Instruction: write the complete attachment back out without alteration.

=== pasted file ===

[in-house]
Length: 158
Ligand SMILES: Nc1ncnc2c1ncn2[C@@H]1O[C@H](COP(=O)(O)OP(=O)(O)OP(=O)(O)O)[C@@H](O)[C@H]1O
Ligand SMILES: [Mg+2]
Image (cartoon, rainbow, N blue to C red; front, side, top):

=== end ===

[in-house]
Length: 158
Ligand SMILES: Nc1ncnc2c1ncn2[C@@H]1O[C@H](COP(=O)(O)OP(=O)(O)OP(=O)(O)O)[C@@H](O)[C@H]1O
Ligand SMILES: [Mg+2]
Image (cartoon, rainbow, N blue to C red; front, side, top):